As April 15 approaches – the day tax filings for 2018 are due – millions of Americans across the country will be sitting down at the kitchen table to pore over the necessary tax forms. While many are dreading this annual ritual, differences in the tax code likely mean many Americans paid less in federal taxes last year.
According to the Heritage Foundation, the average family of four saved nearly $3,000. And another model from the Tax Foundation estimates an individual making $75,000 a year saved about $1,800.
The financial savings are a direct result of the Tax Cuts and Jobs Act, legislation that was signed into law at the end of 2017 that changed a number of provisions in the tax code. More specifically, the legislation lowered the tax rate for essentially all tax brackets, roughly doubled the standard deduction and increased the child tax credit twofold.
As expected, more tax savings led many Americans to feel comfortable about both the broader economy and their personal finances. In fact, consumer confidence hit a near two-decade high in 2018. However, individuals were not the only ones to benefit as a result of the new tax law. Small businesses saw great benefits as well.
Just as individuals experienced lower tax rates, small businesses did too because a majority of small businesses are set up as Sole Proprietorships, LLCs, S-Corps, or partnerships. This means business revenue is passed through to the owner and is subject to individual tax rates, which is why these entities are commonly referred to as pass-through small businesses.
Other changes that specifically impacted small businesses include the 20-percent small business tax deduction, which allows business owners to shield one-fifth of their earnings from taxation. Another change is the immediate expensing of capital investment, which permits small businesses to immediately write off the cost of new equipment, as well as facility upgrades and expansion.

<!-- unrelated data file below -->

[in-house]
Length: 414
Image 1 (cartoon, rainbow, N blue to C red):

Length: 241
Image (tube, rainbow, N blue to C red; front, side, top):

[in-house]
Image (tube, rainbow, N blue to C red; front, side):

Together, the Tax Cuts and Jobs Act allowed millions of individuals and small businesses, including many of those in the hotel industry, to save for the future, invest in employees, and expand operations. Considering the size and scope of the U.S. small business community – which consists of 30 million entrepreneurs employing nearly 60 million people – the broad impact on the economy was predicted to be immense.
The unemployment rate dropped below 4 percent last year for the first time since 2000. Wages are on the rise, increasing by 3.2 percent year over year at the end of 2018. And as a result of an uptick in consumer spending and the increased capacity of businesses to produce more goods and provide more services, the economy is growing at a rate that was unimaginable just a few years ago.
We are likely to experience yet another economic bump in the first quarter of this year as small businesses begin to better understand their financial savings from 2018. Although many small businesses began employing the newly realized financial savings soon after the tax cuts went into effect, many restrained themselves because of uncertainty around the legislation.